Book: An Abundance of Katherines
AUTHOR: John Green
MY RATING: ★ ★ (2/5)
When it comes to relationships, Colin Singleton’s type is girls named Katherine. And when it comes to girls named Katherine, Colin is always getting dumped. Nineteen times, to be exact. On a road trip miles from home, this anagram-happy, washedup child prodigy has ten thousand dollars in his pocket, a bloodthirsty feral hog on his trail, and an overweight, Judge Judy-loving best friend riding shotgun–but no Katherines. Colin is on a mission to prove The Theorem of Underlying Katherine Predictability, which he hopes will predict the future of any relationship, avenge Dumpees everywhere, and finally win him the girl.
As a lover of John Green, it’s hard to admit that I found this book rather disappointing. Perhaps it is because I’ve read so much of his newer material, that to go back 9 years and read some of his earlier material is disappointing as I’ve already witnessed much of his growth as an author.
Green has such a delightful way of bringing his characters to life and making us love them. That fact still rings strong and true in An Abundance of Katherines. He has such an amazing talent at capturing the essence of the awkward teenager that all of us can relate to in some way. I particularly loved Colin and could sympathize with his need to make something more of himself. I found his interests in books, language, and anagrams to be interesting, and the footnotes Green adds were often a cute distraction from the text itself to learn a quick and useless fact.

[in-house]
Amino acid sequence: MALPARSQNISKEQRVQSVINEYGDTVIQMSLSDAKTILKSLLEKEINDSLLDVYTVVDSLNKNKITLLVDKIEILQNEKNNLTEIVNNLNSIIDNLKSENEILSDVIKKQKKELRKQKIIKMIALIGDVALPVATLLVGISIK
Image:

That being said, I felt there wasn’t much in terms of character growth to progress the novel, and this is perhaps my biggest feud with the book itself. I can appreciate the eureka moment of coming to terms with the fact that the future is unpredictable, via theorem or otherwise, that we all inevitably have. But this great moment felt so insignificant to me in terms of the story. While I love the revelation that our lives are a series of memories and facts that we create ourselves by the choices we make, I feel like it was just thrown in haphazardly at the end to make sense of the text.
Perhaps it’s that I am reading something out of my age group, so it just doesn’t resonate with me as much. Regardless, I don’t think this is a book I’d heartily recommend.